Waist-to-height ratio more accurate than BMI in identifying obesity, new study shows
26 May 2017 - Carrie Braithwaite
Calculating a person’s waist-to-height ratio is the most accurate and efficient way of identifying whether or not they are at risk of obesity in clinical practice, a new study by Leeds Beckett University shows.
The research, published in the latest edition of PLOS ONE journal, aimed to improve the way that obesity is currently measured and classified by examining the whole-body fat percentage and visceral adipose tissue (VAT) mass (the fat stored around the abdominal region where most of internal organs lie) of a group of 81 adults (40 women and 41 men). It aimed to find the most accurate way of predicting this measurement in a clinical environment and set cut-points for obesity.
The researchers, led by Dr Michelle Swainson, Senior Lecturer in Exercise Physiology in the Carnegie School of Sport at Leeds Beckett, found that 36.5% more adults would be classified as obese using whole-body fat data (one in two participants) rather than body mass index (BMI) (around one in seven participants, or 13.5%).
The team gathered accurate whole-body and abdominal fat data using a total body dual energy X-ray absorptiometry (DXA) scanner – a highly accurate way of measuring body composition and fat content. They then calculated five predictors of whole-body fat and VAT, which could be easily replicated in a GP’s office, fitness centre or at home, comparing the results to those of the DXA scan and determining which simple predictor of obesity is the most accurate.
The five predictors tested were: BMI, waist circumference (WC), waist-to-hip ratio (WHR), waist-to-height ratio (WHtR) and waist-to-height ratio0.5 (WHtR0.5).
Dr Swainson explained: “The conventional measurement of obesity used by GPs is BMI. Although there are benefits to this method, there is concern that a lot of people are being classified as obese by BMI when they are not or are being missed by this classification when they need to be referred for help. This is most definitely the case when people have a ’normal’ BMI but high abdominal fat that is often dismissed. Whole-body fat percentage, and specifically VAT mass, are associated with health conditions including insulin resistance, type 2 diabetes and cardiovascular disease, but are not fully accounted for through BMI evaluation.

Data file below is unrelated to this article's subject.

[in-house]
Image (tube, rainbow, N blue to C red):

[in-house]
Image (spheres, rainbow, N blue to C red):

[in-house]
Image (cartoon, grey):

“Carrying fat around the abdominal area has been shown to be an independent predictor of all-cause mortality in men and women. Put simply, it is more important, especially for cardio-metabolic conditions, that your belt notch goes down than the reading on the scales.”
The results showed that the best predictor of both whole-body fat percentage and VAT in both men and women was waist-to-height ratio (WHtR). The simple waist circumference divided by height measurement is not a new method of obesity classification but despite evidence supporting its use, it is still not routinely measured in clinical settings. Cut-points for predicting whole body obesity were 0.53 in men and 0.54 in women. The cut-point for predicting abdominal obesity was 0.59 in both sexes.
BMI had weak support as a predictor for whole-body fat percentage in both men and women but was a plausible alternative for the prediction of VAT mass in women.
The waist-to-hip ratio (WHR), a measure regularly recommended by fitness instructors and used in clinical practice but which, was found to be a very poor predictor of obesity according to both measures.
Dr Swainson said: “Our WHtR cut-points align broadly to current guidelines that adults and children should keep their waist circumference to less than half their height. In current clinical practice, it is common to calculate BMI for an indication of whole-body fat and waist circumference for abdominal obesity.
“Our research has shown that WHtR is a more accurate alternative to these two measures and also a more time-efficient measure. By introducing this alternative, and more accurate, measure into clinical settings, more men and women would potentially be referred to programmes, such as weight management, to receive help in improving their health. We have also shown how these simple measurements may be used as surrogates by GPs and other health care professionals when DXA scans are unavailable or inaccessible.
“Even in a small sample of adults, our results provide further evidence that alternative measures are fundamental to the more accurate identification of obesity, therefore ensuring that individuals are referred to the most suitable therapeutic approach to reduce risk of obesity-related conditions.”
The study was conducted with Dr Karen Hind, Costas Tsakirides and Dr Zoe Rutherford at Leeds Beckett University’s Carnegie School of Sport, and Professor Alan Batterham at Teesside University.